The move means Queensland has gone from having no alternative to hotel quarantine to expecting two dedicated COVID-19 quarantine facilities at Pinkenba and Wellcamp.
Federal Finance Minister Simon Birmingham announced on Friday that Multiplex had been chosen to develop a 800-bed facility at Pinkenba, near Brisbane Airport.
It comes one day after the state government started work on its own 1000-bed facility at Wellcamp, near Toowoomba, which doesn’t have federal support.
Birmingham says the Pinkenba facility, which the federal government will build and the state will operate, will be used for quarantine and for potential future health crises and natural disasters.
“Whilst it will be used for any ongoing quarantine requirements during the COVID-19 pandemic, it will also be there in the years to come to support responses to natural disasters or other crises,” he said in a statement.
“Unlike state proposals, the Pinkenba site is appropriately close to Brisbane International Airport and all necessary medical facilities, including three major hospitals.”
Construction work will begin shortly with the first 500 beds to be operating in the first quarter of next year.
The Queensland government supports both projects, saying the facilities will allow the state to replace its inadequate hotel quarantine system, which has been the source of a number of COVID-19 outbreaks.
However contamination on site has thrown doubt over the budget and timeframe.
The Wellcamp announcement came a day after the Palaszczuk Government put a two-week ‘pause’ on most interstate arrivals to hotel quarantine.
With border restrictions funnelling more travellers into hotel quarantine, Chief Health Officer Jeannette Young had expressed concern that new hotels and staff were having to be brought into the system at short notice.
Developer John Wagner said the Wellcamp facility would cost about $66 million, with the first 500 beds to be ready by the end of the year and another 500 to come online by the first quarter of 2021.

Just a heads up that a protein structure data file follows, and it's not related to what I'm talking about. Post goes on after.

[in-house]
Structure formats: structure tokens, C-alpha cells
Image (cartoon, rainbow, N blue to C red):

The state will rent the facility from the Wagner Group, which is developing the site, for an initial 12 months.
“The cost of our facility will be less than a third of Victoria, less than a third of Howard Springs, and we’re taking all the construction risk, and we’re taking the risk if, at the end of 12 months, the Queensland government no longer needs a quarantine facility,” Wagner told the Nine Network on Friday.
“We have an alternate use for this facility.
“It’s a very low-risk thing for the Queensland taxpayer.”
Prime Minister Scott Morrison was blindsided by the announcement on Thursday that the project was underway, as was Toowoomba Mayor Paul Antonio.
Some Toowoomba locals such as federal Liberal National Party MP Garth Hamilton and philanthropist Clive Berghofer oppose the facility.
The Australian Medical Association Queensland said the local medical community must have input into the facility.
AMAQ president Professor Chris Perry said the state government needed to explain how virus patients at the facility would be transported and treated.
He warned that the facility could potentially lure local doctors away from Toowoomba by offering them higher wages.
“We can’t afford to outsource our quarantine issues to regional areas without providing those areas with adequate resources,” Prof Perry said in a statement.
“Toowoomba Hospital is a very good facility and could manage COVID cases with the proper resourcing, but it is already at capacity and would struggle to deal with a major outbreak.”Jump to next article